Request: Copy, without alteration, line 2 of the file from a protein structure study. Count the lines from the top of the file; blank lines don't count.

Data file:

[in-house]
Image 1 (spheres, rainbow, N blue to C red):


Image 1 (spheres, rainbow, N blue to C red):